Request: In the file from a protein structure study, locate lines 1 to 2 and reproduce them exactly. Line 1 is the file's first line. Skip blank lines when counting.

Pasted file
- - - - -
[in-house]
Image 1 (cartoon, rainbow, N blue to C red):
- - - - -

[in-house]
Image 1 (cartoon, rainbow, N blue to C red):